Turkey’s external debt hits record high of 62.8 pct of GDP in 2020

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An employee sorts Turkish lira banknotes at a bank in the town of Sarmada in Syria's northwestern Idlib province, on June 14, 2020. - Authorities in northwest Syria are taking steps to substitute the plummeting Syrian pound with the Turkish lira to shield their opposition-held region from an economic crisis ahead of new US sanctions, an official said. The Salvation Government -- a civilian body affiliated to the Hayat Tahrir al-Sham jihadist group which dominates the Idlib region -- had already started paying wages and salaries in Turkish lira last month. (Photo by AAREF WATAD / AFP) (Photo by AAREF WATAD/AFP via Getty Images)

Turkey’s external gross debt stocks, which amounted to $450 billion at end-2020, climbed to a record 62.8 percent of gross domestic product (GDP) at the end of last year, the Birgün daily reported on Thursday, citing data from the Treasury and Finance Ministry.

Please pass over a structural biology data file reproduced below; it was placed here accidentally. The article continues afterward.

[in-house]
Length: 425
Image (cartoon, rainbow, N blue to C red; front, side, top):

Statistics regarding Turkey’s foreign debt revealed the country’s worsening economy under Justice and Development Party (AKP) rule, Birgün said, underlining that Turkey’s external debt accounted for only 52.5 percent of GDP in 2018, even when it reached a record high of $467.6 billion.

Since the AKP took office in 2002, when Turkey’s external debt was $129.6 billion, accounting for 56.8 percent of GDP, the country’s external debt has surged by $320.4 billion, corresponding to a 247 percent increase over the past 18 years.

According to Birgün, the country’s foreign debt as a proportion of GDP, which rose from 37.5 percent in 2010 to 52.5 percent in 2018, also saw an increase of more than 10 points in the last two years.

Turkey’s GDP, which climbed to as high as $940 billion in 2014, dropped to $717 billion in 2020, as GDP per capita declined from around $12.000 to around $8.000 in the same period.

Some $173 billion of Turkey’s external debt is owed by the public sector, which owed $157.1 billion in 2019, seeing an increase of 10.2 percent within a year. In other words, the public sector was getting into more debt in order for the private sector to pay its debts, Birgün indicated.

Source: Turkish Minute

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